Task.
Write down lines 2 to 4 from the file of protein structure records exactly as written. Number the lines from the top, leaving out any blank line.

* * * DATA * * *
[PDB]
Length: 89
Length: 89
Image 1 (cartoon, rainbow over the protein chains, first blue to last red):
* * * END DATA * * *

Length: 89
Length: 89
Image 1 (cartoon, rainbow over the protein chains, first blue to last red):